Wood, Peggy (1892–1978)
Wood, Peggy (1892–1978)
American actress and singer . Born Margaret Wood on February 9, 1892, in Brooklyn, New York; died of a cerebral hemorrhage on March 18, 1978, in Stamford, Connecticut; daughter of journalist Eugene Wood and Mary (Gardner) Wood; educated at Manual Training High School in New York City; married John van Alstyne Weaver (a poet, novelist, and playwright), on February 14, 1924 (died from tuberculosis, 1938); married William H. Walling (an executive in the printing business), on October 1, 1946 (died 1973); children: (first marriage) David (b. 1927).
Began a long theater career at age 18; made film debut (1919); one of the founders of Actors' Equity; was president of American National Theater and Academy; nominated for Academy Award for her performance in The Sound of Music (1965); campaigned for many theater causes during her life.
Almost a Husband (1919); Women of Wonder (1929); Handy Andy (1934); The Right to Live (1935); Jalna (1935); A Star is Born (1937); Call It a Day (1937); The Housekeeper's Daughter (1939); The Bride Wore Boots (1946); Dream Girl (1948); The Sound of Music (1965). Also starred on television series "Mama" (1949–57).
Born in 1892 in Brooklyn, New York, actress Peggy Wood was the daughter of Mary Gardner Wood and Eugene Wood, a feature writer for the New York World. She began studying voice as a child because her father wanted to ensure that she had a marketable skill; her instructors included Arthur Van der Linde and Emma Calvé . Wood attended Manual Training High School and, after graduating in 1910, made her professional singing debut in the chorus of the Broadway production of Naughty Marietta. She appeared on stage in New York regularly through the 1910s, including starring roles in the drama Young America in 1915, and as Marietta in Naughty Marietta in 1916. The next year she began a two-year run as Ottilie in Maytime, for which she drew praise from New York theater critics.
In 1919, Wood appeared in her first film, Will Rogers' Almost a Husband. That year she also became involved with the formation of the Actors' Equity Association, a union for stage and screen performers. In 1924, she married John van Alstyne Weaver, a poet. Her family had frowned on the match, but the marriage proved to be happy. The next year Wood starred in Candida on stage in New York and abroad. After her son David was born in 1927, she took time off from acting and wrote several plays, including The Flying Prince. She returned to the stage in Noel Coward's Bitter Sweet in London, and would appear in plays continually through the 1930s and 1940s, primarily in London and New York.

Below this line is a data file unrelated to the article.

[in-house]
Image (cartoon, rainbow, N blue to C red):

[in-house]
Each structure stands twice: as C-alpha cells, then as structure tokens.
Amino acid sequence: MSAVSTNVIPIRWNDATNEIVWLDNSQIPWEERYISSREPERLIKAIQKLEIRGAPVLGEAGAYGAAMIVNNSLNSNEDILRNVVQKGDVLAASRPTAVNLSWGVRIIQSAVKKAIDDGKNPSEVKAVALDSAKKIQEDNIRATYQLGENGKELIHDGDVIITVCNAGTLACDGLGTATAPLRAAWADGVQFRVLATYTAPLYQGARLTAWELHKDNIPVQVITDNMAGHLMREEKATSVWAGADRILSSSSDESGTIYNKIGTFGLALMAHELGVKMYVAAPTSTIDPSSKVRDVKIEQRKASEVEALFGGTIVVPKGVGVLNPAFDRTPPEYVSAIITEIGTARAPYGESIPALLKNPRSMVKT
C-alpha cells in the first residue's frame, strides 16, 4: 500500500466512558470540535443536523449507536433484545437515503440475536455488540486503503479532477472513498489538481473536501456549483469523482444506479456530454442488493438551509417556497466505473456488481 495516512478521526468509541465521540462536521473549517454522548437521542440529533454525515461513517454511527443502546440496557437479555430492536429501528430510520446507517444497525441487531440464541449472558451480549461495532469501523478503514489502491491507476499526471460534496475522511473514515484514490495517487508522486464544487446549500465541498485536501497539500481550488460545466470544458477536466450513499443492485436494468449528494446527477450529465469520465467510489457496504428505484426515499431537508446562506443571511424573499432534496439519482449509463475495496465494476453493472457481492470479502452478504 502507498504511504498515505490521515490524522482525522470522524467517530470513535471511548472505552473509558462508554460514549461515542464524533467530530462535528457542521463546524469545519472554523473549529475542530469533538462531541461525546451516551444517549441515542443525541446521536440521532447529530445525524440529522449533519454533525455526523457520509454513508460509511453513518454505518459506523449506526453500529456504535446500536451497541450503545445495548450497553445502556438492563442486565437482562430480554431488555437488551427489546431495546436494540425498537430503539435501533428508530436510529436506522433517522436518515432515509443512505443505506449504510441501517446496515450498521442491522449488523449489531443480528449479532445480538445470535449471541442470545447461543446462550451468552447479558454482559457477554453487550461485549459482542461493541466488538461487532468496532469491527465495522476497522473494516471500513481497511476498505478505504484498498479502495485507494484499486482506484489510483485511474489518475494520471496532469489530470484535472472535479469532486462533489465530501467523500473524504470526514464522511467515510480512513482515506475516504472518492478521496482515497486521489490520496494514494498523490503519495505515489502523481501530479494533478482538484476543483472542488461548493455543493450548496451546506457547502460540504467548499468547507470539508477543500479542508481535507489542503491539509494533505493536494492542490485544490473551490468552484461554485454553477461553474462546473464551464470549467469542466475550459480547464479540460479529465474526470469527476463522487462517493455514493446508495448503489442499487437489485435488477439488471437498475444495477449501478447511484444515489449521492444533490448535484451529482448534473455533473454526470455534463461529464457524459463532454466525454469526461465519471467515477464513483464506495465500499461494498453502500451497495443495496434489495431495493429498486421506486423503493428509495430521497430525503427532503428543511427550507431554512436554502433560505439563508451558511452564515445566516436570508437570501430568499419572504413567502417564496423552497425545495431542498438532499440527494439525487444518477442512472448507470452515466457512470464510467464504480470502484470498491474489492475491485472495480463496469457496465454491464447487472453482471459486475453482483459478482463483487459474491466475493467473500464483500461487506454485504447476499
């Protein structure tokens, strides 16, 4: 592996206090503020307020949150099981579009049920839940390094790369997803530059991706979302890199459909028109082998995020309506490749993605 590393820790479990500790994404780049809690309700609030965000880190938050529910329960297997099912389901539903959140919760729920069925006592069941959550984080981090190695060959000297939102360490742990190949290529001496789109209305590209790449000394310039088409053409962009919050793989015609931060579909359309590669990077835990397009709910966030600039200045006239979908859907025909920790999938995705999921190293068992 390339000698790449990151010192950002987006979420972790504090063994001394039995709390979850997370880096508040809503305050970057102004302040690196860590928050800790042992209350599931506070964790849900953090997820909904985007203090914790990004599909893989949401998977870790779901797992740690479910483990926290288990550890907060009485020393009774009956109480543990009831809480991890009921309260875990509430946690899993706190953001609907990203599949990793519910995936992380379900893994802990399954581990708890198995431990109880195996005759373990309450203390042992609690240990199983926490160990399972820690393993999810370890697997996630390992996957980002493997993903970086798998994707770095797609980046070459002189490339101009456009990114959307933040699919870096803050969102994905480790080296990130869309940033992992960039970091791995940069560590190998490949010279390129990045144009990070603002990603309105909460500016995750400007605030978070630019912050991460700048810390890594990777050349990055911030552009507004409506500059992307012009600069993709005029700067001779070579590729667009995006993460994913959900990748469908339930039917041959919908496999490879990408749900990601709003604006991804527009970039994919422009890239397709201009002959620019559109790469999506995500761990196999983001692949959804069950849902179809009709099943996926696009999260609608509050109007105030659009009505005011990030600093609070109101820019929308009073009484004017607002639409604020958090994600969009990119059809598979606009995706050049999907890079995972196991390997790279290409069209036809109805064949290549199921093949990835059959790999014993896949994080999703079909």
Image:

Wood found time to write as well. In the 1920s and 1930s, she contributed many articles on her experiences and on theater personalities to such periodicals as the Saturday Evening Post, Ladies' Home Journal, Theater Arts Monthly, and Collier's. In 1930, she published Actors and People, describing her conversations with playwright George Bernard Shaw and opera diva Calvé. Six years later, her novel Star Wagon was published, to mixed reviews.
Wood appeared in only a few films throughout her long career. In 1935, she was seen as Meg in Jalna, followed by A Star Is Born in 1937. Also in 1937 she starred in Miss Quis, a play she cowrote with Ward Morehouse. A year later, Wood had to take time off from performing after the death of her husband from tuberculosis. In 1941, she published a book of memoirs, How Young You Look, to popular acclaim. She remained an active member of Actors' Equity, having served on its council from 1919 to 1940, and was elected vice-president of the Episcopal Actors Guild in 1942. In that year Wood opened in London in what became one of her most popular roles, as Ruth in Noel Coward's Blithe Spirit, earning critical praise during the one-year run. During World War II, she was a member of the American Theater Wing, performing for Allied troops at army bases in Britain. In 1946, she married William H. Walling, an executive in the printing business.
Despite decades on stage, Wood is best remembered for a pioneering television role. In 1949, she was cast in the title role as the matriarch of a Norwegian-American family in "Mama," adapted from John Van Druten's Broadway play I Remember Mama, which was itself based on Kathryn Forbes ' book Mama's Bank Account. The show was an immediate success and ran for eight seasons, ending in 1957. (Ms. editor Robin Morgan played her daughter Dagmar.) Wood was honored by the Swedish King Haakon VII with the Order of St. Olaf medal for her portrayal, which was seen as fostering international understanding. During the 1950s, Wood's political conservatism led her to oppose much of the union activity she had earlier supported. Active politically, she also worked to pass a federal bill to require theater producers to verify the financial viability of their productions.
In 1959, Wood became president of the American National Theater and Academy, serving until 1966. She published her second memoir, Arts and Flowers, in 1963. Her final film was The Sound of Music (1965), which brought Wood an Academy Award nomination for Best Supporting Actress for her portrayal of the Mother Abbess. She retired from the stage in 1967, at age 75, due to failing health, but remained active in various theater organizations. Widowed again in 1973, Peggy Wood died in March 1978, at age 86.
Herbert, Ian, ed. Who's Who in the Theatre. Detroit, MI: Gale Research, 1977.
Jackson, Kenneth T., ed. Dictionary of American Biography, 1976–1980. NY: Scribner, 1980.
Robinson, Alice M., et al., eds. Notable Women in the American Theater. NY: Greenwood Press, 1989.
Laura York , M.A. in History, University of California, Riverside, California